~LEGOs happen to be a wonderful way to form friendships. Find out how and other tips for Providing New Friendship Opportunities for your Children at Homeschool Reviews Just 4 You.
~For a child, phonics can be the building blocks toward a future full of books and a lifelong love of reading. God Made Home Grown discusses the pros and cons of phonics in Why I Use Phonics to Teach my Children to Read.


Beaded Tree on Clay base by Sierra

Who doesn't love beads? You can create patterns that turn into beautiful jewelry, or use it in wire sculptures.
~Noticing patterns always puts me in mind for math. Our Curious Home also saw some patterns, in watermelons and ovals. Read about it in Phew! We did do some math.

Tree of Life Pendant by Marina

~For a more rigorous math workout, CTK Insights has this summer activity, Proizvolov's Identity as an Exercise. (I'm still figuring this one out, myself)
~Just as there are many ways to work with beads, there are many approaches to math. Sometimes it helps to look at math in historical perspective. Ever wonder what it would be like to work in Roman numerals and then switch to a new way of calculating? Let's Play Math has a Review/Giveaway and Fibonacci puzzle for those interested in the history of math!

Duct Tape

Dragon Gauntlet by Chase

My son is the king of duct tape in our house. Like Marina with yarn, he can take this flat, sticky material and form it into the most interesting things.

Duct Tape Anchor, Chain and Belt by Chase

~Nothing says "guy" quite like duct tape! With this magical roll of stickiness, they are ready to hold it all together. Whether we are talking about a hole in the family room couch or bringing home Apollo 13, duct tape is the "go to" tool for men. For those of you with teenage sons, you might want to read Barbara Frank's article How Parents Can Help Their Young Men Learn to Work for Themselves.

Modeling Clay

Girl by Sierra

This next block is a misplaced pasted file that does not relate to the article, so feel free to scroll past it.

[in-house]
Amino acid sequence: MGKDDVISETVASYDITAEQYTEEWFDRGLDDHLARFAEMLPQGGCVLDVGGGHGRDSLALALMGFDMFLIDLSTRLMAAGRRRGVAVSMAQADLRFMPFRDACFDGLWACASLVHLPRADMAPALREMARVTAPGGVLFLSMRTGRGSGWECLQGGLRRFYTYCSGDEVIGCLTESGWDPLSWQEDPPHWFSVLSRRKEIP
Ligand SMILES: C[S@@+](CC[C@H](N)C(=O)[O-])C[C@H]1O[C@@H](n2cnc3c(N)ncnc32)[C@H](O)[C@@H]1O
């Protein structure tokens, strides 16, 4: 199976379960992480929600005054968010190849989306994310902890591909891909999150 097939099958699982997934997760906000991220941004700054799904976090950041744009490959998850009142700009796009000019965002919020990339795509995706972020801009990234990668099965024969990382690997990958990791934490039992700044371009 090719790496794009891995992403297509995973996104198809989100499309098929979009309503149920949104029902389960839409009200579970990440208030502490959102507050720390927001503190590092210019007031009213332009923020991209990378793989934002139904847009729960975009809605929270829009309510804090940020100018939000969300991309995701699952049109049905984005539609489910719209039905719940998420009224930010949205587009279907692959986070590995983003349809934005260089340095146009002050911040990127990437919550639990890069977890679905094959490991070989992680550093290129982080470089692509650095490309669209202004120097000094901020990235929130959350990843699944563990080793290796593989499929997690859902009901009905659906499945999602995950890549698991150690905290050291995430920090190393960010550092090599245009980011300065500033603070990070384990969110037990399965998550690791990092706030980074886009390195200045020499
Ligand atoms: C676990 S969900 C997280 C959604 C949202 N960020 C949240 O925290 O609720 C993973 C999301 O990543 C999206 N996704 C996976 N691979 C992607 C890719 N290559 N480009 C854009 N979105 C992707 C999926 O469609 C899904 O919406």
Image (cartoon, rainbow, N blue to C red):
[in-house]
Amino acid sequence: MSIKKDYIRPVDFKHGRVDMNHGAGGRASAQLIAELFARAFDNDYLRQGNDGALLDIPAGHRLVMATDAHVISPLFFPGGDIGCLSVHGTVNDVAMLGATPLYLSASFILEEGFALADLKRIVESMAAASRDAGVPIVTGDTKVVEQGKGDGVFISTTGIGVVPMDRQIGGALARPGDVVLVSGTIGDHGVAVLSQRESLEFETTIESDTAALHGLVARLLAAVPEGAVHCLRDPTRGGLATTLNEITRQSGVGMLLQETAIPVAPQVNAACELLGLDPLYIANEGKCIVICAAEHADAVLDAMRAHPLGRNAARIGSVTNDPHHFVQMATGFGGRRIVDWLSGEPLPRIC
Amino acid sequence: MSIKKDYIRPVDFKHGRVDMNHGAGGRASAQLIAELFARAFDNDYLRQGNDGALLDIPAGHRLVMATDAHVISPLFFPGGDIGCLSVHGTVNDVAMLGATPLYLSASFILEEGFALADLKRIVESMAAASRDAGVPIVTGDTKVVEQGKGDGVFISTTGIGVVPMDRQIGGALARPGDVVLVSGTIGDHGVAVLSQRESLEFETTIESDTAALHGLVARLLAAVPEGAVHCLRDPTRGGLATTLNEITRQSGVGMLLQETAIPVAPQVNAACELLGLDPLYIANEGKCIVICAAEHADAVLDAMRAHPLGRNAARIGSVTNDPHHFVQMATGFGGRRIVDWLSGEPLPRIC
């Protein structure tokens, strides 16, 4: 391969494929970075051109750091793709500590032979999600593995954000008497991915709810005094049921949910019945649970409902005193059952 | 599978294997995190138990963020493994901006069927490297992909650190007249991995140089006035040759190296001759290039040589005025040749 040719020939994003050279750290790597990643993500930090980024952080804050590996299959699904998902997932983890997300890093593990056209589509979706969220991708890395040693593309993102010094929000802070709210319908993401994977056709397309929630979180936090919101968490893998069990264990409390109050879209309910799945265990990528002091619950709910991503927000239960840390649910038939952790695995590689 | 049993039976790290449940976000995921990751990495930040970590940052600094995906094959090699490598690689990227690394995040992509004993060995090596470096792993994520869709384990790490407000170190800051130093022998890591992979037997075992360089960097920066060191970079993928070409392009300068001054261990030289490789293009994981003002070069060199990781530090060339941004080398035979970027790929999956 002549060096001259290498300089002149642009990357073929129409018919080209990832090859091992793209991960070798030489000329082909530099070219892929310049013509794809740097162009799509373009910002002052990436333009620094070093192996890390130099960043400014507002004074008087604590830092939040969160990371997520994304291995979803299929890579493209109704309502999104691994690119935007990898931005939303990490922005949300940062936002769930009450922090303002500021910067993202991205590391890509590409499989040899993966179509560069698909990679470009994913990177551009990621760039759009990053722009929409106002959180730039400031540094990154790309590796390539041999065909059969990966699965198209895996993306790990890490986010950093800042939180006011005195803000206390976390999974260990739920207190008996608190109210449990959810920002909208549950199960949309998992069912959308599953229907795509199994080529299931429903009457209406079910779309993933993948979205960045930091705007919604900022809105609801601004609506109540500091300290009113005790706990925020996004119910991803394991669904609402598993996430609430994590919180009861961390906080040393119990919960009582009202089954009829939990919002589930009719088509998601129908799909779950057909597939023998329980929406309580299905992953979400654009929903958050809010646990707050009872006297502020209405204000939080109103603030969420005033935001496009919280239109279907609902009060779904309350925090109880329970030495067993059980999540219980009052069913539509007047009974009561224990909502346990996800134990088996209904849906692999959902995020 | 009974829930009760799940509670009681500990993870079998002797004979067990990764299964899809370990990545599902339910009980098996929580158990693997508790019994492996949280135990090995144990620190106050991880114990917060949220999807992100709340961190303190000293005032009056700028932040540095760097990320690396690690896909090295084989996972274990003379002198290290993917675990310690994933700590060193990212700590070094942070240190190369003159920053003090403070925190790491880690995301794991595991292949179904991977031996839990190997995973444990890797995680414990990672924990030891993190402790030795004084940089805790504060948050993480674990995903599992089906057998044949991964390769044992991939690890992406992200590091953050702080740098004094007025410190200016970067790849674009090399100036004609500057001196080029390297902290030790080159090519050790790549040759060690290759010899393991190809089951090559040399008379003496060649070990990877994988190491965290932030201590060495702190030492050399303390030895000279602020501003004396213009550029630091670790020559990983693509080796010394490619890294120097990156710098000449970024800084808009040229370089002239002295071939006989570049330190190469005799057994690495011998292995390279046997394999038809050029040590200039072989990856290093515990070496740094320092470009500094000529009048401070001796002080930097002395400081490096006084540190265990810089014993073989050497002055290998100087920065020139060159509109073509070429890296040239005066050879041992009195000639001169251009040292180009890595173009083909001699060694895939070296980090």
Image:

It squishes between your fingers. It presses into the exact shape you want. We have used everything from homemade clays to oven-baked Sculpey, Play-Doh, to Model Magic to bring ideas into 3 dimensions.
~Isn't it wonderful how a lump of clay can be molded into anything? Topics can be like that too. A study of animals can end up giving a full day's supply of activities in various subjects. Crack the Egg gives wonderful ideas about How to Homeschool at the Zoo: A Mini-Unit Study.


Angel by Sierra
Speaking as the mom, not my favorite crafting supply, but I have to admit, it adds pizazz. It can give an ordinary project a wonderful sparkle!
~Achievement is another kind of sparkle. Corn and Oil highlights some of the accomplishments of homeschoolers in an article that makes a point about exploring alternatives to public school-- Making Educational Choices: Regarding Homeschooling.
~I always prefer that glitter be used for special occasions, that way I feel more willing to do the extra work involved in cleaning up. As homeschoolers, we even find lessons in the work we cause for ourselves. Blah, Blah Blog shares a number of Pool Side Lessons.

Glittered Mask by Marina

~As a mom of two daughters, I know how essential glitter is to the creative process. Essential is a fancy word for important. Read Aloud Dad reviews Fancy Nancy: Phenomenal Picture Books and learns there is more to (Fancy) Nancy Clancy than meets the eye.

Thank you for visiting the Carnival of Homeschooling! I hope we have inspired you in your own creative homeschooling life! Next week, the carnival will be hosted by Janice Campbell: Taking Time for Things that Matter. You can submit an article to the next carnival here!


christinethecurious said...

Fun, cohesive carnival! Thanks Cristina!

Julie said...

You always do the best job with these carnival posts! And I am in LOVE with that knitted top. You guys are a talented family.

Barbara Frank said...

Awesome photos....how fortunate your children are to have time to pursue their considerable talents! Thanks for hosting the carnival and for sharing my post.

Carol J. Alexander said...

Thanks for hosting the carnival. It's great!

jugglingpaynes said...

Thank you,I'm glad you are all enjoying it! And thanks to everyone, for supporting the carnival!

Inner Elder said...

As usual, you did a marvelous job of "theming" the Carnival. Arts & Crafts is a natural for your super talented family. Loved seeing their art work here. When did sierra do that flowers painting - I didn't remember seeing it. Love Ya! Mom

seekingmyLord said...

I love the art metaphor relating to homeschooling, but then I am biased being an artist myself.